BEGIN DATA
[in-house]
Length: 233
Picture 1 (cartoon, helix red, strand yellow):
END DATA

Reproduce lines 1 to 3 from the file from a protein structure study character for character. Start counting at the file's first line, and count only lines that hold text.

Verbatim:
[in-house]
Length: 233
Picture 1 (cartoon, helix red, strand yellow):